Impact of Covid-19 on Socials in Rwanda
Covid-19 has disturbed the social life in Rwanda and worldwide. We were told and taught over the years that hugging, shaking of hands, and all other signs of greetings were reflections of discipline, respect, and love of the other human person. These formed our Rwandan culture and so many other cultures worldwide and they were among the first things to learn from our families, the building blocks of Rwanda. Arriving at school, these behaviors, far from being abandoned, were again enhanced and strengthened to the extent that pupils and students were punished by their elders whenever pupils came across them and left without the shaking of hands or hugging or just saying hello or mwaramutse (good morning in Kinyarwanda), or mwiriwe (good afternoon) for the sake of greetings.
Apart from those signs of greeting, visiting the other human person was also a sign of love, a sign of social life. Social life is one of the dimensions of life at the absence of which a human being would ceases to be a social animal, so to speak. For a human being is supposed to have these four interconnected, intermingled dimensions of life, viz, intellectual, spiritual, physical, and social dimensions. If one of these four collapses or if it is absent, then there is a high probability that the remaining three would also be affected in one way or the other. So, in visiting the other person, for example, one would be trying to complete both oneself and the one who is visited. When visiting the other, one would carry something to share with them even if it is not an order or an obligation. But social life implies sharing. In Rwanda and in some other countries, human beings share ideas, life, food, drinks, houses, sometimes beds, etc. The importance, the insight, or wisdom of sharing was and still is exemplified or embedded in the following Rwandan proverb: “Akanwa Karya Ntiwumve Kavuza Induru Ntiwumve.” This proverb which may be literally translated as “a mouth which eats silently when it shouts out for help, you do not listen,” entails how our forerunners needed one another and how they valued the culture of sharing and support (Kayigana Karori 43). And they left it behind themselves for the sake of their subsequent generations. Therefore, sharing is not very recent. It is as old as the history of humankind.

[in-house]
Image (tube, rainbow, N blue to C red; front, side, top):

However, with covid-19, that culture has been somehow shaken. Now these teachings, these virtues and values, have been turned upside down. What used to be bad is now taken to be good and vice-versa; what used to be abnormal is now normal. What was encouraged is now discouraged. All those values which were used to be embraced, are now to deter. In this new life, in this new way of living, in this era of Covid-19, there are no more hugging, no more shaking of hands, no more kissing, no more visiting to friends and families and so on. The famous songs we sing nowadays are coronavirus or covid-19, covid-19 testing, number of the new cases of coronavirus, closing of the schools, number of deaths from coronavirus, face masks, lockdown or stay home and stay safe.